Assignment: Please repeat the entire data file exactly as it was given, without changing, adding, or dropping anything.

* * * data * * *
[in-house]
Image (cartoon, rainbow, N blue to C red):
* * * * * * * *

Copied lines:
[in-house]
Image (cartoon, rainbow, N blue to C red):